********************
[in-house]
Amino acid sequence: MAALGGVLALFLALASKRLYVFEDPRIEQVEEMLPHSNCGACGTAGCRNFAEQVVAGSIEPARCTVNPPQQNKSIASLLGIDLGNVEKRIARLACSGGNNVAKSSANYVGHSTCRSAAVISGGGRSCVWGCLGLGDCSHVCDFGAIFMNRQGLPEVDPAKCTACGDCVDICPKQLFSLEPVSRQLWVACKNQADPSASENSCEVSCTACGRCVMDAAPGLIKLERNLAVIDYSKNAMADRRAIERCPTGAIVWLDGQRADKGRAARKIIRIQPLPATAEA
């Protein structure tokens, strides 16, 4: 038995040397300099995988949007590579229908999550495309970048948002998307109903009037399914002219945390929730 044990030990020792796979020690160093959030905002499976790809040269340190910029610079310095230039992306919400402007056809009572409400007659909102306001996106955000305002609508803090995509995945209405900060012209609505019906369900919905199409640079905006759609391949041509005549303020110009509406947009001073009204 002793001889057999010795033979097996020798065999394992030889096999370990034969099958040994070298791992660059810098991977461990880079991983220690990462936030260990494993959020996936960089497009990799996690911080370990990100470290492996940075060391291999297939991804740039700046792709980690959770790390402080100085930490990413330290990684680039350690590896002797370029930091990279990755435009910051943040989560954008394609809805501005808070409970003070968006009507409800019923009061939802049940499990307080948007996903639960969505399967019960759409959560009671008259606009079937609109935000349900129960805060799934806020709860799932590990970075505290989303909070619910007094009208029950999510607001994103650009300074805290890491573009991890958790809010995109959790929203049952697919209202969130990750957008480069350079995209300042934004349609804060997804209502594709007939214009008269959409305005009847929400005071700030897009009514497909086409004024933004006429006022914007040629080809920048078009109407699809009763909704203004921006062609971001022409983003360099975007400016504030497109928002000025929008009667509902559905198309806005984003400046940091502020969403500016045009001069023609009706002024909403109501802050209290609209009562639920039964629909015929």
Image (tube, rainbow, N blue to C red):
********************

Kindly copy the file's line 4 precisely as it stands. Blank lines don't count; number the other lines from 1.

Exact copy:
Image (tube, rainbow, N blue to C red):